"The people of Zimbabwe do not have a voice in the future of their country and we think it is wrong and we want to stand on their side."  Send your comments to: letters@thezimbabwetimes.com This email address is being protected from spam bots, you need Javascript enabled to view it


Peace and Tranquility???
Peace and Tranquility???
 Cell in RSA: 0791463039

Monday, 18 June 2007

Zimbabwe needs constructive engagement!!!!!


By Daniel Fortune Molokele

Last updated: 06/16/2007 08:38:16

How clueless Blair plunged Zim into disaster

The Zimbabwe I don't want

Zimbabwe and Malawi: the eternal bond that binds us

Tsvangirai at 55: a date with destiny beckons

ZINASU: the struggle continues 10 years on

Change is the only constant

TIA - This is Africa

Is Mugabe Zimbabwean?

Either Trevor and Benjani are foreigners, or both Zimbabwean

Ian Douglas Smith: the interview

A tale of two great men

Zinasu must celebrate 10 years in style

ODE to a liberator turned dictator

Zim trade unions: we shall overcome someday

The shameless hypocrisy of NAM

A tribute to Fidhas Muchemwa

I, too, have a dream

Zimbabwe needs a new breed of heroes and sheroes

Moment Mutambara shook Tsvangirai's hand

First hurdle cleared towards Diaspora conference

Living a dream

Madhuku third term tragic, disturbing

Working towards a Zimbabwe diaspora conference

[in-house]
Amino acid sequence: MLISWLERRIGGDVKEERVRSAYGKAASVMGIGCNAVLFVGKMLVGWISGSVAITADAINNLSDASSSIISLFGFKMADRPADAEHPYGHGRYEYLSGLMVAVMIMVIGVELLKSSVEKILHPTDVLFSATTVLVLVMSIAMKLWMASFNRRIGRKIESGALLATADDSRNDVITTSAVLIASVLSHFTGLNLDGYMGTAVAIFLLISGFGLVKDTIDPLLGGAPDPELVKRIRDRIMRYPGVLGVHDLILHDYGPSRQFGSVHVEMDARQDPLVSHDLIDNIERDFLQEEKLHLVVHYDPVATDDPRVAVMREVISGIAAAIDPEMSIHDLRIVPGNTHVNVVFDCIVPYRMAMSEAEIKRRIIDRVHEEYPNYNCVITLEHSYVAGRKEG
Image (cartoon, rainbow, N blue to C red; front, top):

Thierry Henry, Zimbabwe and Freedom

Happy birthday Zimbabwe

The birth of a Diaspora baby

LAST week I wrote about the apparent failure of the outgoing British Prime Minister Tony Blair to positively help Zimbabwe through his policy of diplomatic isolation of the Robert Mugabe-led regime in Zimbabwe.
In response to that, I received several emails in my feedback mailbox that challenged me to proffer a clear way forward on how to handle the current impasse in the crisis affecting Zimbabwe .

In particular, I got an email from Joram Nyathi, the Deputy Editor of the weekly Zimbabwe Independent newspaper that is based in Harare. Nyathi wanted me to further clarify my stance on the efficacy of the Blair led policy of isolation of Mugabe and his regime elements.
Subsequent to that, in the 'Candid Comment' feature column, he went on to interrogate the simple but difficult question; is it better to isolate or not to isolate the Mugabe regime?'

It is thus by the reason of the foregoing that this week I will take some time and further explore the ramifications of either option. Specifically, I will argue that the time has now come for all the friends of Zimbabwe to appreciate the need for a constructive engagement with the Mugabe regime. The time is now ripe to remove any form of vestiges of the regime's isolation from the rest of the global diplomatic community.